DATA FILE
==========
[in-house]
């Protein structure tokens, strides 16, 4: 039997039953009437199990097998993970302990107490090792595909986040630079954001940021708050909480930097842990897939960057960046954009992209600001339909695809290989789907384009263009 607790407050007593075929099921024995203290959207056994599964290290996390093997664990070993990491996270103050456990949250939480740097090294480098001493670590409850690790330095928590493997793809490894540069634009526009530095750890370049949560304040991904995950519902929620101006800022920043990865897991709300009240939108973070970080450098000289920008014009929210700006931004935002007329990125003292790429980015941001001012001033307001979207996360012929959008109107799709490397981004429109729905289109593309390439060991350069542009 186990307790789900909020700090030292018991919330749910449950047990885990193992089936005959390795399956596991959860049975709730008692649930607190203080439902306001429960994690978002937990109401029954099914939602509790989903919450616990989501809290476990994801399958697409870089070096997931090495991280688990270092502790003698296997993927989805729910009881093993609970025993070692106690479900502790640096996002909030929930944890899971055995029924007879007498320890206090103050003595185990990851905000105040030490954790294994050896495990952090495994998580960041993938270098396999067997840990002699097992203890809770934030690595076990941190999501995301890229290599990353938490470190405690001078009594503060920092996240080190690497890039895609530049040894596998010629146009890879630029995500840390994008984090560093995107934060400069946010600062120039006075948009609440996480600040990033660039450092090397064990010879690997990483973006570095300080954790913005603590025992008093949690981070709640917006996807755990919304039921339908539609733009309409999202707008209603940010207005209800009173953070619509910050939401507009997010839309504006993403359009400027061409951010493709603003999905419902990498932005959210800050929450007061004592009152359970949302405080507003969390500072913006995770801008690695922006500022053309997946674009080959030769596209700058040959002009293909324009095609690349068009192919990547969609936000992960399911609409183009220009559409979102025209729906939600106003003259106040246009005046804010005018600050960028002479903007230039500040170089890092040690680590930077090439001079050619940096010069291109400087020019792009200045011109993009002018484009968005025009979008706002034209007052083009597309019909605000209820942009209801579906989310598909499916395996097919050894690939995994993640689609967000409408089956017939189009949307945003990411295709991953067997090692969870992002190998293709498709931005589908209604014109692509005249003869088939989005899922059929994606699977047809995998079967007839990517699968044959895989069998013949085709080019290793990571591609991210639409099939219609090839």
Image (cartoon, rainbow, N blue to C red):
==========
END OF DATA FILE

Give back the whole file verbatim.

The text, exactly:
[in-house]
């Protein structure tokens, strides 16, 4: 039997039953009437199990097998993970302990107490090792595909986040630079954001940021708050909480930097842990897939960057960046954009992209600001339909695809290989789907384009263009 607790407050007593075929099921024995203290959207056994599964290290996390093997664990070993990491996270103050456990949250939480740097090294480098001493670590409850690790330095928590493997793809490894540069634009526009530095750890370049949560304040991904995950519902929620101006800022920043990865897991709300009240939108973070970080450098000289920008014009929210700006931004935002007329990125003292790429980015941001001012001033307001979207996360012929959008109107799709490397981004429109729905289109593309390439060991350069542009 186990307790789900909020700090030292018991919330749910449950047990885990193992089936005959390795399956596991959860049975709730008692649930607190203080439902306001429960994690978002937990109401029954099914939602509790989903919450616990989501809290476990994801399958697409870089070096997931090495991280688990270092502790003698296997993927989805729910009881093993609970025993070692106690479900502790640096996002909030929930944890899971055995029924007879007498320890206090103050003595185990990851905000105040030490954790294994050896495990952090495994998580960041993938270098396999067997840990002699097992203890809770934030690595076990941190999501995301890229290599990353938490470190405690001078009594503060920092996240080190690497890039895609530049040894596998010629146009890879630029995500840390994008984090560093995107934060400069946010600062120039006075948009609440996480600040990033660039450092090397064990010879690997990483973006570095300080954790913005603590025992008093949690981070709640917006996807755990919304039921339908539609733009309409999202707008209603940010207005209800009173953070619509910050939401507009997010839309504006993403359009400027061409951010493709603003999905419902990498932005959210800050929450007061004592009152359970949302405080507003969390500072913006995770801008690695922006500022053309997946674009080959030769596209700058040959002009293909324009095609690349068009192919990547969609936000992960399911609409183009220009559409979102025209729906939600106003003259106040246009005046804010005018600050960028002479903007230039500040170089890092040690680590930077090439001079050619940096010069291109400087020019792009200045011109993009002018484009968005025009979008706002034209007052083009597309019909605000209820942009209801579906989310598909499916395996097919050894690939995994993640689609967000409408089956017939189009949307945003990411295709991953067997090692969870992002190998293709498709931005589908209604014109692509005249003869088939989005899922059929994606699977047809995998079967007839990517699968044959895989069998013949085709080019290793990571591609991210639409099939219609090839």
Image (cartoon, rainbow, N blue to C red):